But at least there was an outlet, and with that, hope. Oxygen and antibiotics for her wet rumbling lungs. A missionary surgeon in Kampala advised on how to irrigate the meconium out of her small openings. She tentatively began to feed. Ultrasound did not find any related anomalies in other organs, though with the coarse lung sounds and no xray we could not rule out an associated tracheo-esophageal fistula. Meanwhile I was emailing and calling about the country, trying to find a surgeon and hospital with the expertise to handle such a child. I try to spread my begging for favors around, and regret that I called International Hospital's Hope Ward (charity ward) last. They agreed to help her. Her prognosis was poor, certain death if we did nothing, and likely death if we transferred her, and at the very best a life of surgeries and medical challenges that even a family with ten times the resources would be hard pressed to endure.
The parents were committed from the first hour to do whatever it took. So on the 5th day of her life, I filled out paperwork and gave them transport money to get to the best hospital in Uganda. I asked then if they had given her a name. Yes, they said. "Kusiima Jenepha". My heart contracted. Kusiima and Jenepha are both common names. The first means "thanks". And the second has been a world-wide favorite, beginning in the 60's when my parents chose it without ever having seen the movie Love Story. But the combination made me squirm. I wished I had done more, earlier, faster, more efficiently. I did not want to be saddled with the credit for this life that was unlikely to last long.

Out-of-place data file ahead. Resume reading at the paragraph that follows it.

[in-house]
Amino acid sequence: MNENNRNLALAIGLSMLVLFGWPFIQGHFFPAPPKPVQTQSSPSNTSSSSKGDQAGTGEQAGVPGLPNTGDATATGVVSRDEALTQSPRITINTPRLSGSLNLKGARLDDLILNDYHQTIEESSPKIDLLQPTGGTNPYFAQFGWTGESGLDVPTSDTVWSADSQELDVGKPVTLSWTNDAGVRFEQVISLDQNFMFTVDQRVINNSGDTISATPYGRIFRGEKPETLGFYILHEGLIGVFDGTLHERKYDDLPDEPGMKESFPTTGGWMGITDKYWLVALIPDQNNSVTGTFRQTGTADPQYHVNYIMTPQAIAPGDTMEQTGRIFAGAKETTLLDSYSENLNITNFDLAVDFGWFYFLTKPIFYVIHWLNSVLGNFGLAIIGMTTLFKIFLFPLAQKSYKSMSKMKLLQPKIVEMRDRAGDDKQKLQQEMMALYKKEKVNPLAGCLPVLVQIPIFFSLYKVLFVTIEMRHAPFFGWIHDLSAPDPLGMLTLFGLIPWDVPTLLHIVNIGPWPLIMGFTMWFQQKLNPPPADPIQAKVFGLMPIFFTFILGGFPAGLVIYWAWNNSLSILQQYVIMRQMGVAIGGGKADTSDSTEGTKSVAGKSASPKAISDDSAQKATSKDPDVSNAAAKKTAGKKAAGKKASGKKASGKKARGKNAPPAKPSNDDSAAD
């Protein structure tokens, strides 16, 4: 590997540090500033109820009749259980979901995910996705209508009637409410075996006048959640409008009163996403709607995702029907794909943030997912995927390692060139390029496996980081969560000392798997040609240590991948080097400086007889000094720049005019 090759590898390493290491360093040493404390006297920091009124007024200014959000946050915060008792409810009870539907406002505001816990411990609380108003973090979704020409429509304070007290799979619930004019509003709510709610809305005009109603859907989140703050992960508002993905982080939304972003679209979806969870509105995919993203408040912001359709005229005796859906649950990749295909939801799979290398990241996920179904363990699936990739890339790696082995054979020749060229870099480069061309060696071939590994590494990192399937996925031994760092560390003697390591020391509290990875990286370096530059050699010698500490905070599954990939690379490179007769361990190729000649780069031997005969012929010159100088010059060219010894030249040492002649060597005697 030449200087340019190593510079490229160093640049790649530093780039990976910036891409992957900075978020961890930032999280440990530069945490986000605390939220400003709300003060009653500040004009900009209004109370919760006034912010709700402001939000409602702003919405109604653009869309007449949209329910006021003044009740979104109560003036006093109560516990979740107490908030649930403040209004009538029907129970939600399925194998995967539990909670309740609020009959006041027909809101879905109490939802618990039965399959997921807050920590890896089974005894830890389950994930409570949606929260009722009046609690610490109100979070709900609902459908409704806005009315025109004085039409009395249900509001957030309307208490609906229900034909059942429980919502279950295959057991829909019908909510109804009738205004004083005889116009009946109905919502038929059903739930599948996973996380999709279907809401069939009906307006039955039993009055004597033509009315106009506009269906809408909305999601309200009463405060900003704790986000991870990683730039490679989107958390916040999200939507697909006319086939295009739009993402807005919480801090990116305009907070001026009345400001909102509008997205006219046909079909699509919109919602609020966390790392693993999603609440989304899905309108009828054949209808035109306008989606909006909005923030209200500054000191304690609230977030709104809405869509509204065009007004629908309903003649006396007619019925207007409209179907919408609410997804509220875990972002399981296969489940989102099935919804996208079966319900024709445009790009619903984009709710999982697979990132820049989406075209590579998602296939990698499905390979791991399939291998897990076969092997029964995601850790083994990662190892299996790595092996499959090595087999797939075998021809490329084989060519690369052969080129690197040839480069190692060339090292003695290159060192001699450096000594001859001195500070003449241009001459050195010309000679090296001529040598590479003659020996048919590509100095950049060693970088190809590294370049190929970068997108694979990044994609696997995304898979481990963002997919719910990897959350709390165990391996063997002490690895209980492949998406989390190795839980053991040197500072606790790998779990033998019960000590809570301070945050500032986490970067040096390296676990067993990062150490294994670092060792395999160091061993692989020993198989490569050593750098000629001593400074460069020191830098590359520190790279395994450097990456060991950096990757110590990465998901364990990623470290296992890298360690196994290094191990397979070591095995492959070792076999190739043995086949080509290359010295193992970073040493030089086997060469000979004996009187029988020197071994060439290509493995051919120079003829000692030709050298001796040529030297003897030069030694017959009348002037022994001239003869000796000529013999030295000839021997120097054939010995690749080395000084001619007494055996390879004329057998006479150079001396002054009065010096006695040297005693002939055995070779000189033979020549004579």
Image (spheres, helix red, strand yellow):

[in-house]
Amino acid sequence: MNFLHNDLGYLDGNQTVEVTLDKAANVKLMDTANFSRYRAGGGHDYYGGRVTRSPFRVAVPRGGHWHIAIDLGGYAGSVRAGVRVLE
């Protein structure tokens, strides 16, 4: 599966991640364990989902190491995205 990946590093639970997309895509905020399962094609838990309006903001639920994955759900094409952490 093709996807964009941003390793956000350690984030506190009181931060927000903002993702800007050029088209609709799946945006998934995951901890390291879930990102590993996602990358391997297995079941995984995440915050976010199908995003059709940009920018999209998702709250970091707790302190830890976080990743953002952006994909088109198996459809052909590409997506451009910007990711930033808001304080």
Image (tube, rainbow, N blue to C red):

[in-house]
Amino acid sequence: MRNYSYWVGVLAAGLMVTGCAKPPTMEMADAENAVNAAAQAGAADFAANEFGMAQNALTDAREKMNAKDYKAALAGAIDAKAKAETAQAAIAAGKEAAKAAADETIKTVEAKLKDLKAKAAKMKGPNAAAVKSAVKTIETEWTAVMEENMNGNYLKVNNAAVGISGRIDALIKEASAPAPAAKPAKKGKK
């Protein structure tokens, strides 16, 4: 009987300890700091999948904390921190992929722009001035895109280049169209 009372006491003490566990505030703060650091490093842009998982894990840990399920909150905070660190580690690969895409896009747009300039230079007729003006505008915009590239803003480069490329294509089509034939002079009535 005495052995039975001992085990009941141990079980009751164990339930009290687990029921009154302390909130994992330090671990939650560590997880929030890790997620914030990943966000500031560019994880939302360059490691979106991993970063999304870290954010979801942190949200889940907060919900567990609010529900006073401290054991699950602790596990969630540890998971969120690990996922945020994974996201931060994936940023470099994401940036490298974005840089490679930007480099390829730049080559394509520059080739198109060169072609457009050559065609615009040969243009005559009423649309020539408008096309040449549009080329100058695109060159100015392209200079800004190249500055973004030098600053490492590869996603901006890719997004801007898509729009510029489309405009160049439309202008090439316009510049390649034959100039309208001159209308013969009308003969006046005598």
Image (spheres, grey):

Kusiima Jenepha died the next morning, a few hours after making it to the hospital where she was to have surgery. The ten hours of transport on the bus were too much, even though we pumped her up with fluids and antibiotics, she arrived in critical condition. They gave her superb resuscitation care, but she did not recover. The hospital administrator called to tell me. I did not expect to see the family again, but the father came back to my house at dusk a week after the first evening. I knew we had failed him, but he came to thank us for our help.
I do not like to dwell on the patients that die. We discuss them in our weekly staff meetings, and I tend to explain why we could not have done better, why death was inevitable. In the last week or so I've lost two children with AIDS and TB, both of whom arrived at late stages and no prior care, malnourished and hypoxic and vomiting and way past the point of return. And another normal baby whose parents took him to have his baby teeth cut out of his gums to cure diarrhea, a diabolical (literally) practice perpetuated by fear and misinformation that claims too many children. All of these kids spent at least 48 hours in our care, all seemed to have a chance of recovery, but none did. I was in the room for only one of these recent deaths, the distressing moment of declaring the struggle over, telling the mother as she wilts wailing to the floor, trying to reach relatives on the phone.
Kusiima Jenepha, however, reminds me that this is not about success or failure. About striving, sure. About going the extra mile. About caring. About giving every opportunity. About sacrifice (time, heart, money, worry). About team work. About life that is short at 6 days or 6 years or 60. Perhaps even about love, though that seems too strong and noble a word for my part, it applies to the parents. Even those who come too late, have come because they love. I'm thankful for their forgiveness when we fail them.